JOHN RAINEY was a man whose great passion and persistence marched right up to “obsession” and plowed over it. I can recall endless conversations with him about the most intricate intricacies of South Carolina’s byzantine budgetary processes, back during his battles with then-state Treasurer Thomas Ravenel over the way the cocaine afficionado and future felon was misleading the public about our state’s taxes.
More significantly, the Camden philanthropist who made Mark Sanford and tried to break Nikki Haley worked tirelessly to expose and repair South Carolina’s Corridor of Shame. Perhaps more significant still was his final obsession: racial reconciliation.
As his longtime friend and “Corridor of Shame” producer and director Bud Ferillo wrote in a guest column after his untimely death in March, Mr. Rainey was troubled by “the divisions that continue to hold South Carolina back: gaps in quality race relations and income disparity; petty partisanship; lapses in ethics; and voter and donor apathy.”
“The challenges he has bequeathed to all of us are simply stated,” Mr. Ferillo wrote, “but require heavy lifting: restoring integrity and civility in public discourse; a statewide conversation about race and reconciliation; action, not words, to educate all the children of all the people.”
That work enters its next phase on Monday, when SCETV airs the documentary that Mr. Rainey underwrote, “A Seat at the Table: Pathways to Reconciliation.”
The film’s producer, Betsy Newman, gave one of the best explanations I’ve seen of this ill-defined concept. Reconciliation, she told The State last year, “requires dialogue over time that is very focused on achieving the goal of, at least, white people admitting what history has really taken place in South Carolina, and black people being willing to forgive.”
It’s a tall order in a state where a significant minority of our legislators were still insisting that there were no racial undertones to the Confederate flag, or even the Civil War, even after a flag-draped white supremacist slaughtered nine black victims during a Bible study in June at Emanuel African Methodist Episcopal Church in Charleston. But it seems less daunting today than it did before the massacre, because the response by the overwhelming majority of South Carolinians and even legislators was something very much akin to Ms. Newman’s definition of reconciliation.
Even if we didn’t agree about the causes of the Civil War or about the inextricable relationship between that flag and the ugliness that occurred in South Carolina during the civil rights era, South Carolinians, touched by the awe-inspiring forgiveness of the relatives of the Emanuel nine, rose up and said: If the flag causes such pain to my brothers and sisters in Christ, then I don’t want it on my State House grounds.
At his death, Mr. Rainey was working to create a program in South Carolina modeled on the William Winter Institute for Racial Reconciliation in Mississippi, which helps communities work through reconciliation projects. The institute guides participants through relationship and trust-building exercises, after which they design and carry out community-service projects. The two-year process culminates with participants developing a community equity plan that recognizes the policies that have created inequity and commits to transforming them.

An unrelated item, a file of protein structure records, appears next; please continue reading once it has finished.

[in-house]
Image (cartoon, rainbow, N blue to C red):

The Winter Institute is featured prominently in the documentary, as is its namesake, a former governor of Mississippi, and that’s extremely helpful. It’s worth watching the documentary just to see that section, because it helps flesh out how one could go about the whole process of reconciliation.
Frankly, I wish the film spent less time reliving the civil rights era and more time making the case for coming together regardless of race, coming to understand each other, so that we can then come face to face with our past and move forward together. I wish it felt a bit less like a tent revival for South Carolina’s liberal elites. I wish it had tried harder to include Republican and other conservative voices, because there are several who could have spoken to the people who are not already convinced of the need for this.
I think of GOP Sen. Tom Davis, who spoke eloquently during the Confederate flag debate about how he had never recognized the pain the flag causes black people until he heard his fellow senator, Darrell Jackson, talk about that. That is to say: It was the relationship that came first, then the history lesson, then the reconciliation. I think of Gov. Nikki Haley, whose own transformation on the flag was astounding, and who framed all of her work on that issue in terms of “healing” our state.
But the documentary was nearly 18 months in the making and nearing release when the massacre occurred, and I know how difficult it can be to go back to the drawing board when you’re so near the end of a major project. If Mr. Rainey’s vision of South Carolina’s own reconciliation institute reaches fruition — and I’m told work is continuing in the background — there will be time to correct those mistakes.
That will be accomplished by working intensely to make sure that any community reconciliation projects include not just those who already were clamoring for more conversations about race long before they ever heard of John Rainey, but also those from the other side of the political spectrum — people who might not be sure that there’s anything to apologize for, but who are willing to get to know members of their communities who are not like themselves.
Ms. Scoppe writes editorials and columns for The State. Reach her at email@example.com or (803) 771-8571 or follow her on Twitter @CindiScoppe.